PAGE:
BACKGROUND

A. Factual Allegations

1. Overview

The plaintiffs are eight male, non-United States citizens who were arrested on

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immigration charges following the terrorist attacks on September 11, 2001 (" 9/11 attacks" ). They were held in immigration custody for periods ranging from three to eight months after receiving final orders of removal or grants of voluntary departure. All but two are Muslims of Middle Eastern, North African, or South Asian origin; the others, natives of India and Nepal, are Hindu. Plaintiffs bring this putative class action on behalf of themselves and a class of male non-citizens who are Arab or Muslim, or were perceived by the defendants to be Arab or Muslim,[2] and were (1) arrested by the Immigration and Naturalization Service (" INS" ) or the Federal Bureau of Investigation (" FBI" ) after September 11, 2001, and charged with immigration violations; (2) treated as " of interest" to the government's terrorism investigation; (3) detained under a blanket " hold-until-cleared" policy, pursuant to which they were held without bond until cleared of terrorist ties by the FBI; and (4) confined in the Metropolitan Detention Center (" MDC" ) or the Passaic County Jail (" Passaic Jail" ). I refer to the putative class as the " Detainees."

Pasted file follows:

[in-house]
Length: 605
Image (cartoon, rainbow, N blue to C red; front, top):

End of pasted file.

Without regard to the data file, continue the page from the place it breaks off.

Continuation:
The Complaint names the following individuals as defendants: (1) John Ashcroft, the former Attorney General of the United States, Robert Mueller, the Director of the FBI, and James W. Ziglar, the former Commissioner of the INS (collectively, the " DOJ defendants" ); (2) Dennis Hasty and Michael Zenk, both former wardens of the MDC; and (3) James Sherman, Salvatore Lopresti, and Joseph Cuciti, all former MDC officials of a rank below warden. I refer to Hasty, Zenk, Sherman, Lopresti, and Cuciti collectively as the " MDC defendants."